-- -- -- / -- -- --
إدارة الموقع

French Far-Right Pledges to “Abrogate” the 1968 Agreement

Mohamed Moslem / English version: Dalila Henache
  • 258
  • 0
French Far-Right Pledges to “Abrogate” the 1968 Agreement

A political earthquake shook Europe, and France in particular, with the far-right sweeping most of the seats in the European Parliament elections on a “Black Sunday,” which is the window that opened the way for the possibility of the far-right National Rally “RN” party to take control of the local parliament in the prior legislative elections, which were called for by the French President Emmanuel Macron.

Immediately after the announcement of the results of the European Parliament elections and setting a date for advanced polls in France, the official spokesman for the National Rally party, Sébastien Chenu, issued hostile statements towards Algeria, stressing that the party, which was founded and led by the Le Pen family, would intend to cancel the 1968 agreement on immigration, if the RN came to power in the legislative session of June 30.

Although the results of the European elections were resounding, with the right-wing party achieving (31.36% of the seats), more than double what the French president’s camp achieved (14.6%), the treatment of the French and Europeans in general with the European Parliament elections is usually different from the local elections, evidenced by the resounding loss of the leader of the right-wing party, Marine Le Pen, in the presidential elections, which enabled Macron to obtain a second term about two years ago, at a time when the right was shining strongly in France.

In an interview with the official of the far-right National Rally party, Sébastien Chenu, on Monday morning, June 10, 2024, on the private French channel BFM TV, he said: “If we win the prior legislative elections, we will propose to abrogate the 1968 agreements that bind us to Algeria. These agreements have no reason to exist.”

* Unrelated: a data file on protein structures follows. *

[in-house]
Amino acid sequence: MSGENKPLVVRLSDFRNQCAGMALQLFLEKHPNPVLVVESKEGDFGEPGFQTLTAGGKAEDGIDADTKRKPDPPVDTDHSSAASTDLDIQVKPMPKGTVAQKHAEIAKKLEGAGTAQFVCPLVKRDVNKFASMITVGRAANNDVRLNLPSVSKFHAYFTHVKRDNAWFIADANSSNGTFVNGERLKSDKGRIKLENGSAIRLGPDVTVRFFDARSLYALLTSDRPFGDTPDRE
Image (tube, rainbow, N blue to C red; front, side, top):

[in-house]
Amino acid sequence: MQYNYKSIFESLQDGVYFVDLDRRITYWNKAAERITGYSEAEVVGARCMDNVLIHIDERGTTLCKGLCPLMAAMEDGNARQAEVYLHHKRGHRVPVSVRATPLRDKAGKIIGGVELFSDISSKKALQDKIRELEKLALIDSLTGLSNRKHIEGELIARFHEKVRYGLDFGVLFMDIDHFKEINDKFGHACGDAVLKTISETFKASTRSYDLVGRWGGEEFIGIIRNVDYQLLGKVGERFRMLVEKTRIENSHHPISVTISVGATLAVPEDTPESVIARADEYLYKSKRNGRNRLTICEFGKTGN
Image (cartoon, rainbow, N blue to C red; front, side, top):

This statement came the day after the French President announced the dissolution of the French National Assembly (the second chamber of Parliament), and called for prior legislative elections, in line with political traditions in the Western democratic system, given that the party leading the authority lost the European parliamentary elections.

In the opinion of the right-wing politician, reconsidering the 1968 agreements related to immigration will enable his country to get rid of the Algerian immigrants against whom decisions were issued obliging them to leave French territory, noting that this party has been placing the issue of immigration and the expulsion of immigrants, especially Algerians, at its top priority for some time.

Marine Le Pen’s far-right party, the traditional right, represented by the “Republicans” (Les Républicains) party, had previously initiated a proposal last December to end the 1968 agreements with Algeria unilaterally, but the French National Assembly (which was dissolved on Sunday), rejected this proposal. With the combined efforts of the MPs of President Macron’s camp, the “Renaissance” party, and MPs of the left bloc, both its traditional and extremist sides, which includes the “LFI” (France Unbowed) party.

The 1968 agreement on immigration is considered one of the red lines that Algeria set in its relations with Paris. The extreme right, the traditional right, and even some right-leaning circles in the French camp have tried to go along with these demands. However, the unofficial warnings issued by Algeria prompted the French party to be patient and avoid taking risks.

The agreement, which the French right wants to “abrogate”, gives some privileges to the Algerian community residing in France, such as residence, study, the practice of liberal professions, and the right to family reunification. However, this agreement lost much of its content during three reviews in the years 1985, 1994, and 2001, under pressure from the French authorities. Meanwhile, a fourth review that was supposed to take place in 2011 failed, after the Algerian party insisted on rejecting it.

Previously, a parliamentary report enumerated the benefits that Algerians received and what they were deprived of under the bilateral migration agreement of 1968, in a way that showed that the treaty had been emptied of its content, and also revealed the real reasons that prevented official France from abolishing it.

Add Comment

All fields are mandatory and your email will not be published. Please respect the privacy policy.

Your comment has been sent for review, it will be published after approval!
Comments
0
Sorry! There is no content to display!